Strength vs Flexibility: the age-old question

 

 

At some point in your life you might have wondered: “what’s MORE important for me: STRENGTH or FLEXIBILITY?” Maybe it was trying to answer the question of why you continue to have that nagging back pain? Or perhaps it was during that Yoga class when a static warrior pose was SO hard to hold for 10 breaths? Or maybe you’ve worked with various medical or fitness professionals in which 1 tells you that you need to have more strength and another tells you that you need more flexibility…???

The short answer is: you need both, at least some, to maintain good body balance and minimize injury risk. As with any fitness discussion, start with FUNCTION: what is your body required to do every day (or what are you asking it to do)? Secondly, look at your particular body type and tissue characteristics: are you flexy-bendy like a Gumby doll? Then you most likely need to concentrate more on core strength & endurance. Are you a bulky mass of power? Then you most likely need to focus more on flexibility & joint mobility. We know that there is an inverse relationship between length and tension, meaning basically the more lengthened a muscle is the weaker it is. So very flexible people typically should NOT do more flexibility exercises, which is often exactly what they end up doing because they’re ‘good’ at them and they come easy. Conversely, very bulky, strong people should NOT spend all their time just power lifting, but also putting time & energy towards maintaining good joint mobility and tissue flexibility.

Picture these 2 very different body types and see if you can figure out what each one would benefit most from:

Body #1: the thin, lean body (age is irrelevant, imagine any age you like) who is always doing Yoga so gracefully and beautifully, and no matter what the pose she can always go the full distance no problem…but if you asked her to carry a 5-gallon bucket of water up & down 2 flights of stairs she’d be pooped out after 2 minutes…

Body #2: that big, strong guy you see out working for the utility company, who can probably lift & set those power poles by himself…but if you asked him to bend forward and touch his toes he could barely reach his kneecaps…

Ok, so these are 2 extreme cases, but they’re not that far off from many of the patients I’ve treated over my nearly 20-year career as a Physical Therapist. Most people fall somewhere in the middle, but almost everyone who naturally (genetically) has more flexible tissues struggles with strength (often core muscle strength) and visa-versa; those that have lots of strength often lack flexibility. Of course a person’s lifestyle also effects their strength & flexibility. But how often do you see a skinny person working in a job requiring lots of heavy lifting or moving? By contrast, how often do you see big, bulky people teaching Yoga class? Finding out where your body falls on this strength / flexibility spectrum is a key first step to discovering where to best focus your efforts.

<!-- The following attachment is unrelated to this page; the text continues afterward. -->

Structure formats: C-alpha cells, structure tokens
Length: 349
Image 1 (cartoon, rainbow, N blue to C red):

The best option is to see a Physical Therapist experienced in fitness testing and training. Two of our clinicians are Certified Strength & Conditioning Specialists (CSCS) by the National Strength & Conditioning Association and can help define very specifically areas of a person’s body that are more of 1 than the other. 

Here are a few simple, generic tests that can help determine where your body generally lies on the strength vs flexibility spectrum:

 1). Sit and Reach Test: this is often used as a flexibility test of both the hamstrings and the low back. Recent research, however, has shown it to be a poor measure of low back flexibility. Start in seated position, knees fully straight, ankles in neutral (placing feet flat against a step helps keep you from cheating). Slide fingertips along the ruler as you lean forward, reaching as far as you can without pain, then measure the distance.

Scores & Rating:

Adult Men – results in centimeters (cm)

  • Above 34 = Excellent
  • 28 to 34 = Above average
  • 23 to 27 = Average
  • 16 to 22 = Below average
  • Below 16 = Poor

Adult Women – results in centimeters (cm)

  • Above 37 = Excellent
  • 33 to 36 = Above average
  • 29 to 32 = Average
  • 23 to 28 = Below average
  • Below 23 = Poor

2). Side plank hold test: downside elbow may be placed on a pad or pillow, upside hand placed on hip, only lower foot touching the ground. Lift hips up to where trunk + hips + knees are straight (like a plank) and hold. Remember to breathe!

Scores & Rating for adult Males & Females:

  • > 90 seconds = Excellent
  • 75-90 seconds = Good
  • 60-75 seconds = Average
  • <60 seconds = Poor

3). Shoulder Range of Motion (“Back Scratch”) test:

Reach 1 hand behind neck and down along spine as far as able, while the other hand comes up from the low back. Try to get them as close to each other as possible without pain and measure their distance apart.

Scores & Ratings for Men:

Age below average normal (inches) above average
60-64 < -6.5 -6.5 to 0 > 0
65-69 < -7.5 -7.5 to -1.0 > -1.0
70-74 < -8.0 -8.0 to -1.0 > -1.0
75-79 < -9.0 -9.0 to -2.0 > -2.0
80-84 < -9.5 -9.5 to -2.0 > -2.0
85-89 < -10.0 -10.0 to -3.0 > -3.0
90-94 < -10.5 -10.5 to -4.0 > -4.0

Scores & Rating for Women:

Age below average normal (inches) above average
60-64 < -3.0 -3.0 to 1.5 > 1.5
65-69 < -3.5 -3.5 to 1.5 > 1.5
70-74 < -4.0 -4.0 to 1.0 > 1.0
75-79 < -5.0 -5.0 to 0.5 > 0.5
80-84 < -5.5 -5.5 to 0 > 0
85-89 < -7.0 -7.0 to -1.0 > -1.0
90-94 < -8.0 -8.0 to -1.0 > -1.0

 

If you’re not sure about whether your body falls more towards the strength side or the flexibility side, or if you simply want to know more about your body and how it functions best, please call us at 828-225-3838 and schedule your initial evaluation today!

 

Written by Damon

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